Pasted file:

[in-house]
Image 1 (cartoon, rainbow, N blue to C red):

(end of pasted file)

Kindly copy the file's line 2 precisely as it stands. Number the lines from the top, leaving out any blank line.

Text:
Image 1 (cartoon, rainbow, N blue to C red):